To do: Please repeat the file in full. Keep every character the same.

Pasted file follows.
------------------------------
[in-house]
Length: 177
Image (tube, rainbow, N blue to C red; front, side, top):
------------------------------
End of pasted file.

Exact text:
[in-house]
Length: 177
Image (tube, rainbow, N blue to C red; front, side, top):